The frustration for Beane, as it is for many baseball front office types, is that the postseason is, as one other commenter remarked, a crap shoot (indeed, I believe Beane says as much in Moneyball, though I believe the phrase was there accompanied by a colorful adjective not suitable for this venue 😉 A team that is very good over 162 games can fall victim to bad luck, slumps, a manager’s inability to handle his pitching staff, etc., over a postseason that will at most last for 19 games (or, in the case of the 2001 Mariners, 10).

  4. eponymous coward on May 27th, 2009 12:22 pm

    Not to be negative, but how many championships has Billy Beane won? I know he does a great job in trades, but he isn’t the greatest GM ever…

    Exactly two less than John Schuerholz has during a 26 year career as a MLB GM for two different organizations, and exactly the same number as Mark Shapiro, Terry Ryan and Bill Bavasi as GMs- zero.

    Clearly the differences between Bavasi, Ryan, Shapiro and Beane are meaningless, given that none of them have won championships during their tenures as GMs.

    Seriously, if your standard is “must win championship every couple of years you are a GM or you suck”, there aren’t a lot of MLB GMs who don’t suck- basically Theo Epstein and Brian Cashman (though not recently) are about it, and maybe Pat Gillick. I prefer to evaluate on method and single-season records, not playoff results, especially considering the fact that MLB’s three-round playoff system involves 8 teams in series that are quite often coin flips.

  5. nuin on May 27th, 2009 12:24 pm

    And Adam Jones is “killing” pitchers nowadays. How I wanted that trade never happened.

  6. Dobbs on May 27th, 2009 12:28 pm

    I’m pretty sure this is what some Orioles fans said last year:

    “It is confounding to me when I hear people mention trading Bedard. He has been the only consistently good player we have had for many years.”

    Can we just accept the fact that every player is available in the right trade, no matter how good they’ve been?

  7. HeyItsTodd on May 27th, 2009 12:29 pm

    If they are indeed acknowledging that this is a long-term project, how will it affect the upcoming draft? Are they more likely to pick a high-school talent? I would think so, but the risk may be too high. Did Big Z have a consistent philosophy when at Milwaukee?

  8. awestby51 on May 27th, 2009 12:34 pm

    I would certainly rather have a decade like that than go the Marlins route, even though the fish won two WS. I’m sure M’s ownership would prefer it too

    I encourage the Marlins firesale method because I think for the Mariners, it would lead to the Braves result you want. The Marlins had great crops of young talent but then had to ditch them for financial reasons. The Mariners can afford to hang on them, and we could have a decade of success.

    The whole “the World Series is the only thing that counts, anything else is failure” is a Yankees attitude — and look how well that has served them in this decade.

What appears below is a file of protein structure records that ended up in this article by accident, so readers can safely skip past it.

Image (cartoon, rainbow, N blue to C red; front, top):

Their mentality isn’t the issue, the means by which they’ve tried to achieve their goal is. I don’t want the Mariners to over value over the hill all-stars, I want them to sell off every asset they have because I have enough faith in Z to get back prospects that fit his system and who will eventually win us a championship.

    We will not win a championship with Ichiro. It will NOT happen.
    Oh, so that’s the reason? He has some magic rock in his locker (nicknamed Buck Marinez, perhaps) that causes the team to fail? Amazing how that managed to reach across the Pacific and do exert its influence even before he got here.

    I’m not saying its Ichiro’s fault that we didn’t win a championship, just that I don’t think we can retool quick enough to win with Ichiro. Bavasi wasted our Ichiro/World Championship years, and trading him mitigates the loss (my perceived loss, i.e. productive play without winning results) of a few more years of consistent Ichiro.

  9. awestby51 on May 27th, 2009 12:35 pm

    I’ve made a huge mistake.

  10. dingla on May 27th, 2009 12:40 pm

    fairweatherfan, since you checked back in this year, I’m betting you’ll check back in next year, too.


  11. eponymous coward on May 27th, 2009 12:40 pm

    The point is that the relief pitching is one of the areas where the organization as a whole has considerable depth (led in the minors by Fields and Aumont)

    That’s more reasonable, though I don’t think they are anything close to ready. Moving Aardsma is fine, though. Heck, I would be happy to listen to offers for Morrow.

    Felix is extremely valuable, so he’s worth trading if you’re getting Zimmerman, Strasburg, the lease on Nationals Stadium, and a guaranteed government bailout of the roster, but no less.

    That’s a bit of an exaggeration, I think. Go look at the Bartolo Colon trade for the sort of deal I am talking about. Now clearly, the Expos overpaid for Colon… but Felix has one more extra year under team control than Colon did, so he’s more valuable. (There’s also the factor that we could probably lump in some talent from the farm system if we had to, since we are overstocked with LHB corner players.)

    Fire sales rarely do provide teams with lots of valuable pieces unless it’s like Florida in ‘97 where they were trading lots of valuable players for lots of prospects.